Nebraska Docs: Driving Simulator Can Save Lives

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December 18th, 2015

Willie Wingfield was diagnosed with Parkinson's disease, which effects the brain. By monitoring patients like Wingfield in the simulator, researchers hope to better understand how certain medical conditions can affect a person's ability to drive. (Photo by Ryan Robertson, KVNO News)

Willie Wingfield was diagnosed with Parkinson’s disease, which effects the brain. By monitoring patients like Wingfield in the simulator, researchers hope to better understand how certain medical conditions can affect a person’s ability to drive. (Photo by Ryan Robertson, KVNO News)

Driving a car is one of the most common things people do on a daily basis. It’s also one of the most dangerous. Doctors at the University of Nebraska Medical Center are developing new research techniques that could make driving safer for millions of people.


61-year-old Willie Wingfield is sitting in a car, driving down the street. But his car, isn’t actually moving. It’s parked in an office at the University of Nebraska Medical Center. Six large screens stand just outside the blue, four-door sedan. The screens project images of a downtown area, the rear and side-view mirrors are also small screens, showing what you’d expect to see behind you while driving. There’s even the sound of an engine broadcast through a speaker on the floorboard.

When taken as a whole, it feels like driving.

Screens take the place of rear view and side view mirrors in the driving simulator. (Photo by Ryan Robertson, KVNO News)

Screens take the place of rear view and side view mirrors in the driving simulator. (Photo by Ryan Robertson, KVNO News)

“This is very impressive and realistic,” Wingfield said, “You pass through corners, and you can look down the street and you get full visual immersion. It’s pretty cool.”

Wingfield was diagnosed with Parkinson’s disease and about a year ago, under-went a procedure called DBS, or deep brain stimulation.

“They implant electrodes into your brain and then pass low levels of current,” Wingfield said. “It helps control the tremors.”

Wingfield is taking part in a study conducted by UNMC’s Mind and Brain Health Labs. Almost every aspect of his trip was pre-planned. The time of day, weather conditions, whether the simulation took place in a rural or urban environment…almost every detail was accounted for.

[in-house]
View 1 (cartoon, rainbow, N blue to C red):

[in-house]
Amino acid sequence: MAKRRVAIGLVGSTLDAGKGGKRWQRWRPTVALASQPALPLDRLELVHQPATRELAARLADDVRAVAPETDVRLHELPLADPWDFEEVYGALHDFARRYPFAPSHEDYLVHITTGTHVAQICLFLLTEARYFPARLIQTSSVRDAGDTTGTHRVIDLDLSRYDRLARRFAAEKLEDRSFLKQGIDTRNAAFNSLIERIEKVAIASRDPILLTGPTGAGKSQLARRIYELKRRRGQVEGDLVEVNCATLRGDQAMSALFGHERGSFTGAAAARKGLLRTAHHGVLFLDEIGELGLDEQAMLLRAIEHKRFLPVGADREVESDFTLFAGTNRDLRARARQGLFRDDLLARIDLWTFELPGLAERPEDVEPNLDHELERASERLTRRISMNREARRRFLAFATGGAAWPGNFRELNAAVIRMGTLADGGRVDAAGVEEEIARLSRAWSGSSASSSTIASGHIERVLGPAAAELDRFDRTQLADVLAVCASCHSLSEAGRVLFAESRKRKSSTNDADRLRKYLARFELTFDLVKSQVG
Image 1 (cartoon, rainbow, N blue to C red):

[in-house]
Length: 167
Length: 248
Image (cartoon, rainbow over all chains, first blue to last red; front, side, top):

In this scientific experiment, the unknown factor is the driver, and their every movement is studied.

Dr. Matthew Rizzo is a UNMC professor and Chair of the Neurological Sciences Department. He said the car has a number of sensors to monitor the driver.

The six high-fidelity screens provide the driver with 290 degrees of simulated environment. (Photo by Ryan Robertson, KVNO News)

The six high-fidelity screens provide the driver with 290 degrees of simulated environment. (Photo by Ryan Robertson, KVNO News)

“On the steering wheel, on the accelerator pedal, on the break,” Rizzo explained, “[The car] can also record eye movements and EEG (electroencephalogram) and other physiologic measures; So we get a picture of behavior and how that relates to the internal state of a person.”

Rizzo said the driving simulator is part of a broader Mind and Brain Health Initiative by UNMC to study how the human brain reacts in virtually every aspect of everyday life.

According to Rizzo, driving has become a foundational part of life for most Americans. Most people drive their cars to work, to the grocery story, to restaurants, to go see family, etc.

Rizzo said driving is also one of the most dangerous things we do.

“When you lose those abilities [to drive], and you lose those skills, it’s a catastrophe,” he said. “When people lose their ability to drive, they become shut-ins and their world becomes smaller. It’s basically a sign of the end is near.

Learning how different medical conditions or medications impact someone’s ability to drive is a component in Rizzo’s research, but it doesn’t stop there.

Rizzo said a person’s brain is often most active when they’re behind the wheel, so studying brain functions while driving helps paint a better overall picture of a person’s neurological health. That information can then be used to create a road map to recovery.

Dr. Matthew Rizzo (right) reviews data with Hannah Maher, a clinical research associate. Dr. Rizzo said his team also uses devices to track a patient's driving habits in their own cars, to get a more accurate picture of driving habits. (Photo by Ryan Robertson, KVNO News)

Dr. Matthew Rizzo (right) reviews data with Hannah Maher, a clinical research associate. Dr. Rizzo said his team also uses devices to track a patient’s driving habits in their own cars, to get a more accurate picture of driving habits. (Photo by Ryan Robertson, KVNO News)

“So for example,” Rizzo said, “Mr. Smith you have trouble with this kind of setting. Avoid this, or learn to do this better.”

Rizzo said his research could also help car manufacturers build better cars.

“With better interfaces and better safety alerting and warning systems to help them alert at risk drivers, sleepy drivers, drivers with medical impairments. There’s even the possibility of using a car as a medical device,” Rizzo said.

But all that is down the road.

This early in the research, Rizzo said he and his team are focused on gathering the data; which means getting more people like Willie Wingfield behind the wheel of a real car, in a fake world.

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